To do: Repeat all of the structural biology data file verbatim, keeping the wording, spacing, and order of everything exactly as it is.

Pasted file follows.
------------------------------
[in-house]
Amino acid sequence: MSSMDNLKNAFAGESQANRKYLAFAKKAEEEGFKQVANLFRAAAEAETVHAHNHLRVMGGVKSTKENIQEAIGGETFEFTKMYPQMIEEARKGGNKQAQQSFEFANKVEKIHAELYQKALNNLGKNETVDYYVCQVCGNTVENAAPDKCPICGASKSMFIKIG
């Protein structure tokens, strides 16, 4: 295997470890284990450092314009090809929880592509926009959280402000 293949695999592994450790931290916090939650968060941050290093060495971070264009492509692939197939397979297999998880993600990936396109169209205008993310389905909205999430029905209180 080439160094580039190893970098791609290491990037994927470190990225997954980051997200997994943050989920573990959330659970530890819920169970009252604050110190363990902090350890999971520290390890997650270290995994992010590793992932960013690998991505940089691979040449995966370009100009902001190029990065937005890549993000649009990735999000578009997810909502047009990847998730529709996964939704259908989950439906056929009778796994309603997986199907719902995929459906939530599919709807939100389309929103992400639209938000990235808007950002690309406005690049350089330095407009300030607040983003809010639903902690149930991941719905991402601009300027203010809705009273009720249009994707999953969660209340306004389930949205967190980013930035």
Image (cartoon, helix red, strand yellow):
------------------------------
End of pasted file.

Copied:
[in-house]
Amino acid sequence: MSSMDNLKNAFAGESQANRKYLAFAKKAEEEGFKQVANLFRAAAEAETVHAHNHLRVMGGVKSTKENIQEAIGGETFEFTKMYPQMIEEARKGGNKQAQQSFEFANKVEKIHAELYQKALNNLGKNETVDYYVCQVCGNTVENAAPDKCPICGASKSMFIKIG
């Protein structure tokens, strides 16, 4: 295997470890284990450092314009090809929880592509926009959280402000 293949695999592994450790931290916090939650968060941050290093060495971070264009492509692939197939397979297999998880993600990936396109169209205008993310389905909205999430029905209180 080439160094580039190893970098791609290491990037994927470190990225997954980051997200997994943050989920573990959330659970530890819920169970009252604050110190363990902090350890999971520290390890997650270290995994992010590793992932960013690998991505940089691979040449995966370009100009902001190029990065937005890549993000649009990735999000578009997810909502047009990847998730529709996964939704259908989950439906056929009778796994309603997986199907719902995929459906939530599919709807939100389309929103992400639209938000990235808007950002690309406005690049350089330095407009300030607040983003809010639903902690149930991941719905991402601009300027203010809705009273009720249009994707999953969660209340306004389930949205967190980013930035």
Image (cartoon, helix red, strand yellow):